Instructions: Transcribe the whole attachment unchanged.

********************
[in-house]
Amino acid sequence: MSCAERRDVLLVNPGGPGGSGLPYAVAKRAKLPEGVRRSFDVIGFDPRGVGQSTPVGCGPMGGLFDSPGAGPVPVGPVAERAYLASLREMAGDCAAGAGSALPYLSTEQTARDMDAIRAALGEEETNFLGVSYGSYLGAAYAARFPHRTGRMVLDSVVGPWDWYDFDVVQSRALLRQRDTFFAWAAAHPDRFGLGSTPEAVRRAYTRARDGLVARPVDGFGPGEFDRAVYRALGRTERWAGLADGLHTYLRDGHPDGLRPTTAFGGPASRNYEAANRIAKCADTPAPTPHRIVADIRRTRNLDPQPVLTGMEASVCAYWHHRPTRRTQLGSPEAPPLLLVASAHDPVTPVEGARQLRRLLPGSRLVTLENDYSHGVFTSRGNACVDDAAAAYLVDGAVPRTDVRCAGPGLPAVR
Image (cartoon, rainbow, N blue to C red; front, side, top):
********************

[in-house]
Amino acid sequence: MSCAERRDVLLVNPGGPGGSGLPYAVAKRAKLPEGVRRSFDVIGFDPRGVGQSTPVGCGPMGGLFDSPGAGPVPVGPVAERAYLASLREMAGDCAAGAGSALPYLSTEQTARDMDAIRAALGEEETNFLGVSYGSYLGAAYAARFPHRTGRMVLDSVVGPWDWYDFDVVQSRALLRQRDTFFAWAAAHPDRFGLGSTPEAVRRAYTRARDGLVARPVDGFGPGEFDRAVYRALGRTERWAGLADGLHTYLRDGHPDGLRPTTAFGGPASRNYEAANRIAKCADTPAPTPHRIVADIRRTRNLDPQPVLTGMEASVCAYWHHRPTRRTQLGSPEAPPLLLVASAHDPVTPVEGARQLRRLLPGSRLVTLENDYSHGVFTSRGNACVDDAAAAYLVDGAVPRTDVRCAGPGLPAVR
Image (cartoon, rainbow, N blue to C red; front, side, top):